Wednesday, October 27, 2010

How come new Christians are so full of joy and then that fades?

I had the privilege of spending several hours with Cat at Starbucks in Plymouth today. Part of our time was guided by Paul from Galatians 3:1-14. We're reading through this this year as we seek to lay foundations for ministry, and I'm loving it.

We reflected on how amazing it is to see the joy of new Christians students and also how it sometimes seems those who have been Christians longer lose some (or all) of that joy. You know the kind of Christian who says, "you should be a Christian, it's rubbish and I feel really rubbish but you should be a Christian, just like you should go to see the Dentist."

Paul's question in Galatians 4 of "what has happened to your joy?" seems alarmingly relevant.
Paul sets up two approaches to Christianity in Galatians 3.

Christianity is concerned with having received the Spirit and continuing, and this happens by "hearing with faith" and the alternative is labelled two ways - "works of the law" and "flesh". The Galatians started as people receiving the Spirit and seeing miracles happen, not because they performed but all because they heard the gospel and believed. A gospel that is concerned with God's blessing for all peoples that comes as he gives himself to us - the promised Holy Spirit. Just as with a marriage the great thing is you get the person you marry, their stuff might be great but we marry to have the person, so the gospel is about bringing us to God. Great grounds for joy!

Confusingly and foolishly and bewilderingly the Galatians swap faith in the gospel word and hence life in the Spirit for works of law and flesh. For religion and do-it-yourself living. What happens? Joy disappears. Life fades, and you get the kind of phenomenon that we observe happening as a Christian apparently "matures" and we pat them on the back for getting over their early enthusiasm and getting on with joy-so-deep-you-can't-see-it. Except Paul wouldn't call it a move to maturity - he'd call it the drowning out of the gospel, the sinking of the gospel, the abandonment of the gospel.

I suppose what happens is that well meaning Christians start to nudge the new Christian in all kinds of directions to stop doing certain things and start doing other things, you know like "don't sleep around and don't get drunk and do read the Bible and do pray" which makes being a Christian all about not doing and doing. Yet, being a Christian started out being "hear with faith the good news about Christ crucified, the one who loved you and gave himself for you so that you no longer live but only Christ lives..." which was noticeably all about Jesus rather than about us, and was cause for boundless joy.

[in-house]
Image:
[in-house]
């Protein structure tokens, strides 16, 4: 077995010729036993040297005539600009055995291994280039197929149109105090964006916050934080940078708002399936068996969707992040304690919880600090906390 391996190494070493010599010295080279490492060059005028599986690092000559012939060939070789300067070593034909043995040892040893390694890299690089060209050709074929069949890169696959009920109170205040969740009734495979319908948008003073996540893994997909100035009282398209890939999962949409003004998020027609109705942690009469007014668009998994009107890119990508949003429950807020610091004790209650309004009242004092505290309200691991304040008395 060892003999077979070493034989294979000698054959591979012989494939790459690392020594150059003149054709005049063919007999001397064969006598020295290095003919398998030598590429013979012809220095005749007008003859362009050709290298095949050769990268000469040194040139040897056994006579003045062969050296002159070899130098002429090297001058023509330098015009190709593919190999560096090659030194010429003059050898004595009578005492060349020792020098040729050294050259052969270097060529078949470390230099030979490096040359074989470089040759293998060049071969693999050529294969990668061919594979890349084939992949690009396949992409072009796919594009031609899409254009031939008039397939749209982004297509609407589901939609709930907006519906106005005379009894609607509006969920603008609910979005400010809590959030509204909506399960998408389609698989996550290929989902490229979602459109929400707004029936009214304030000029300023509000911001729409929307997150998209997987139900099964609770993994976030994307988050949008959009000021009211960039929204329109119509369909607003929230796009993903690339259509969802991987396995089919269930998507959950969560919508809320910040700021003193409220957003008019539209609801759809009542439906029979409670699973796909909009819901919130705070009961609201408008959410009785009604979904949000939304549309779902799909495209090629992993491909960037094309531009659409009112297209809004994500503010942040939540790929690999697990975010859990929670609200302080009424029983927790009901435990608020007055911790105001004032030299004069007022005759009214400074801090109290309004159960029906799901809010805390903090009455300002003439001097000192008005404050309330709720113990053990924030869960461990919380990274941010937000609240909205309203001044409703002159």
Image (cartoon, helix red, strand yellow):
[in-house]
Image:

Paul's word to us would be let's start with the gospel and grow up with the gospel, please don't poison new Christians, or older Christians, with the filth of religion and effort - what good is that? - let the gospel change lives, let the Spirit change lives, help one another with that by walking one another back to the gospel, loving and bearing with one another rather than rushing people to something that has an appearance of godliness but nothing more than a veneer. Win hearts to Jesus rather than to a miserable lifestyle.

Spurgeon on Acts 8:
"if you have read the Scriptures with a clear understanding, they have made you glad, for this eunuch "went on his way rejoicing." The man who gets up from reading his Bible, and says, "I am a believer in Jesus; what a solemn thing it is!" and then goes forth with a pious resolution that he will make everybody as miserable as he can all the day long, wants converting again."
(or at the very least needs a fresh filling with the Holy Spirit)

5 comments:

  1. Me back on the old broken record of Galatians, but I unashamedly love it!

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  2. You would think that the joy of salvation would keep us happy forever, but it does not. Adrian Rogers had a broadcast touching in the same subject but he focused more on the joy of sharing Christ. Both should bring us joy!

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